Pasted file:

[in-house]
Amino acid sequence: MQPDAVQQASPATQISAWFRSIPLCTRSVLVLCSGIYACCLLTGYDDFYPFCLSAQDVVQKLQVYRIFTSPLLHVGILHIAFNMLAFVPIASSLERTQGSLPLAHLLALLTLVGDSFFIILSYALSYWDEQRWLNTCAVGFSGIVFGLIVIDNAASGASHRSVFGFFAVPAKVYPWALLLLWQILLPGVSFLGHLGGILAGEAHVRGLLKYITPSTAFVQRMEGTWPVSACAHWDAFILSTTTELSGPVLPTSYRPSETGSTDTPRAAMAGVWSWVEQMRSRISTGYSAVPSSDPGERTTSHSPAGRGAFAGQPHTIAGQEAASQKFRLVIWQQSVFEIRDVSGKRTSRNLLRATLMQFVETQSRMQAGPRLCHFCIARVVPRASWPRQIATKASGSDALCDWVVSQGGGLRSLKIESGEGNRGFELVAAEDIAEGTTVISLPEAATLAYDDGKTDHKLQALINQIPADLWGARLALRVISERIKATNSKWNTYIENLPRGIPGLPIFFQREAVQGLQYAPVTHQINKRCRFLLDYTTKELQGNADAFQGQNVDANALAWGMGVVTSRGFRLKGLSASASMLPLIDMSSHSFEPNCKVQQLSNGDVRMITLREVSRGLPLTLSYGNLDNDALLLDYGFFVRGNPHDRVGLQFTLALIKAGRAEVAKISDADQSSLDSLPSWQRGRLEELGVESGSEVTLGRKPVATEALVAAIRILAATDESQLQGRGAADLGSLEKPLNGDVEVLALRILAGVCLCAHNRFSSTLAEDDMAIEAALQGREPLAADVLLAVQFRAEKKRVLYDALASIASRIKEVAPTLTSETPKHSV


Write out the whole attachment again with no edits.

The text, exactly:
[in-house]
Amino acid sequence: MQPDAVQQASPATQISAWFRSIPLCTRSVLVLCSGIYACCLLTGYDDFYPFCLSAQDVVQKLQVYRIFTSPLLHVGILHIAFNMLAFVPIASSLERTQGSLPLAHLLALLTLVGDSFFIILSYALSYWDEQRWLNTCAVGFSGIVFGLIVIDNAASGASHRSVFGFFAVPAKVYPWALLLLWQILLPGVSFLGHLGGILAGEAHVRGLLKYITPSTAFVQRMEGTWPVSACAHWDAFILSTTTELSGPVLPTSYRPSETGSTDTPRAAMAGVWSWVEQMRSRISTGYSAVPSSDPGERTTSHSPAGRGAFAGQPHTIAGQEAASQKFRLVIWQQSVFEIRDVSGKRTSRNLLRATLMQFVETQSRMQAGPRLCHFCIARVVPRASWPRQIATKASGSDALCDWVVSQGGGLRSLKIESGEGNRGFELVAAEDIAEGTTVISLPEAATLAYDDGKTDHKLQALINQIPADLWGARLALRVISERIKATNSKWNTYIENLPRGIPGLPIFFQREAVQGLQYAPVTHQINKRCRFLLDYTTKELQGNADAFQGQNVDANALAWGMGVVTSRGFRLKGLSASASMLPLIDMSSHSFEPNCKVQQLSNGDVRMITLREVSRGLPLTLSYGNLDNDALLLDYGFFVRGNPHDRVGLQFTLALIKAGRAEVAKISDADQSSLDSLPSWQRGRLEELGVESGSEVTLGRKPVATEALVAAIRILAATDESQLQGRGAADLGSLEKPLNGDVEVLALRILAGVCLCAHNRFSSTLAEDDMAIEAALQGREPLAADVLLAVQFRAEKKRVLYDALASIASRIKEVAPTLTSETPKHSV